Log in with your email address username.


Attention doctorportal newsletter subscribers,

After December 2018, we will be moving elements from the doctorportal newsletter to MJA InSight newsletter and rebranding it to Insight+. If you’d like to continue to receive a newsletter covering the latest on research and perspectives in the medical industry, please subscribe to the Insight+ newsletter here.

As of January 2019, we will no longer be sending out the doctorportal email newsletter. The final issue of this newsletter will be distributed on 13 December 2018. Articles from this issue will be available to view online until 31 December 2018.

Lead exposure link to violent crime

Lead exposure link to violent crime - Featured Image

Australian children who are exposed to higher lead levels are more likely to commit violent crimes later in life, Macquarie University research has found.

The research backs up previous findings that lead exposure increases impulsiveness and crimes of aggression.

Lead author, Professor Mark Taylor, and his team took air samples from six New South Wales suburbs and looked at criminal statistics in the same areas over a period of 30 years.

They found that, after taking into account relevant socio-demographic variables, concentrations of lead in the air accounted for 29.8 per cent of the variance in assault rates 21 years after childhood exposure.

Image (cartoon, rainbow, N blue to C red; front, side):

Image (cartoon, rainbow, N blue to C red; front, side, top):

Importantly, the findings were consistent between states – in Victoria, more than 32 per cent of the variance in rates of death by assault 18 years following lead exposure, and in New South Wales the figure was 34 per cent.

In Australia, historically there have been three sources of lead exposure: in paint, petrol, and from mining and smelting emissions.

The researchers found the link between exposure and assault persisted regardless of whether the lead came from smelting or petrol.

Professor Taylor said more specific information was needed to prove that lead exposure caused aggressive behaviour and that, given the findings, lowering lead exposure would be beneficial.

“The results indicate that measures need to be taken to lessen exposure to lead in areas where environmental air levels remains high, so as to avoid any long-term neurodevelopmental consequences,” Professor Taylor said.

The study was published in Environmental Health.

Kirsty Waterford